When Arthur Conan Doyle introduced his famous narrator of the Sherlock Holmes tales in 'A Study In Scarlet' (1887) he also introduced into Doctor John H. Watson's background a history serving in the Afghan theatre of war from 1878 to 1880, the tale of his wounding at the Battle of Maiwand, and his return home on the troopship Orontes, before he met up with Holmes in a chemical lab in London. Here the burgeoning detective uttered one of the most famous introductory lines in literature, "How are you? You have been in Afghanistan, I perceive"
How did Sherlock Holmes know Dr. Watson had been in Afghanistan? Later on in A Study in Scarlet, Holmes says:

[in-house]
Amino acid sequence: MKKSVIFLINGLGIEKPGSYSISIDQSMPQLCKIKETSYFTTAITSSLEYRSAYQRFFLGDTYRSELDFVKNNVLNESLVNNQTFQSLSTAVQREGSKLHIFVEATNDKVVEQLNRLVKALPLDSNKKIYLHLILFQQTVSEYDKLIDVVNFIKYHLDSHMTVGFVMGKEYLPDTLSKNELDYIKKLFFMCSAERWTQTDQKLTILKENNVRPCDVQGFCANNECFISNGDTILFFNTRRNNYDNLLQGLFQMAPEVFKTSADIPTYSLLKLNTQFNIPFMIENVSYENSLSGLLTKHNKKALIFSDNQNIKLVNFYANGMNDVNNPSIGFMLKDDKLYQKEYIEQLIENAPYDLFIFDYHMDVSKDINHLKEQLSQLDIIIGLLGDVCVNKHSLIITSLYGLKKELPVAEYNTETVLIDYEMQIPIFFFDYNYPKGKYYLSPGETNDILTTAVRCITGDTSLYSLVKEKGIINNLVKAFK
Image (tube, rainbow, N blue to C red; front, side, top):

"I knew you came from Afghanistan. From long habit the train of thoughts ran so swiftly through my mind that I arrived at the conclusion without being conscious of intermediate steps. There were such steps, however. The train of reasoning ran: "Here is a gentleman of a medical type, but with the air of a military man. Clearly an army doctor then. He has just come from the tropics, for his face is dark, and that is not the natural tint of his skin, for his wrists are fair. He has undergone hardships and sickness, as his haggard face says clearly. His left arm has been injured. He holds it in a stiff and unnatural manner. Where in the tropics could an English army doctor have seen much hardship and got his arm wounded? Clearly in Afghanistan." The whole train of thought did not occupy a second. I then remarked that you came from Afghanistan, and you were astonished."
We'll forgive him the fact that Afghanistan is not actually tropical, and the Zulu War could have been, perhaps, a stronger contender for Dr. Watson's recent adventures!